From the UK Telegraph, Feb. 12:
US prepares military blitz against Iran’s nuclear sites
Strategists at the Pentagon are drawing up plans for devastating bombing raids backed by submarine-launched ballistic missile attacks against Iran’s nuclear sites as a “last resort” to block Teheran’s efforts to develop an atomic bomb.
Central Command and Strategic Command planners are identifying targets, assessing weapon-loads and working on logistics for an operation, the Sunday Telegraph has learnt.
They are reporting to the office of Donald Rumsfeld, the defence secretary, as America updates plans for action if the diplomatic offensive fails to thwart the Islamic republic’s nuclear bomb ambitions. Teheran claims that it is developing only a civilian energy programme.
“This is more than just the standard military contingency assessment,” said a senior Pentagon adviser. “This has taken on much greater urgency in recent months.”
…The most likely strategy would involve aerial bombardment by long-distance B2 bombers, each armed with up to 40,000lb of precision weapons, including the latest bunker-busting devices. They would fly from bases in Missouri with mid-air refuelling.
On the other hand, there may be a split between Pentagon hardliners preparing a military option and State Department pragmatists brewing up the usual “regime change” recipe. From the New York Times, Feb. 15:
Rice Is Seeking Millions to Prod Changes in Iran
WASHINGTON — The Bush administration, frustrated by Iranian defiance over its nuclear program, proposed Wednesday to spend $85 million to promote political change inside Iran by subsidizing dissident groups, unions, student fellowships and television and radio broadcasts.
Secretary of State Condoleezza Rice, announcing a request for the money at a Senate hearing, said the administration had worked out a way to circumvent American laws barring financial relations with Iran to allow some money to go directly to groups promoting change inside the country. “We are going to begin a new effort to support the aspirations of the Iranian people,” Ms. Rice said at the Senate Foreign Relations Committee. “We will use this money to develop support networks for Iranian reformers, political dissidents and human rights activists.”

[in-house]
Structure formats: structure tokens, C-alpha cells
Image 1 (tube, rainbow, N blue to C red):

Senior State Department officials said they did not intend to publicize recipients of the money in the future, for fear that they could be jailed or even killed. “This is a very good idea, but all these efforts face the same problem,” said Michael McFaul, a political science professor at Stanford University. “In working with their potential colleagues in Iran, will they get them into trouble? Once they participate in a training program, what happens to them back in their country?”
The scope of the administration’s effort goes beyond the numbers. Until now, the United States has been cautious about supporting dissident groups, fearful that Iranians may view these efforts as an echo of past American meddling in Iran’s affairs. Though no one uses the words “regime change” to describe the ultimate American goal, that term has been used by conservatives in Congress who have in the last few years pressed for aid to Iranian dissidents.
Ms. Rice said the State Department was requesting $75 million to promote democracy in Iran, which she said would be added to $10 million already appropriated for that purpose. The total is an increase from only $3.5 million the previous year.
See our last post on Iran.